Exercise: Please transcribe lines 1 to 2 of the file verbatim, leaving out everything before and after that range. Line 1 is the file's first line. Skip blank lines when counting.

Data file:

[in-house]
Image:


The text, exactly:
[in-house]
Image: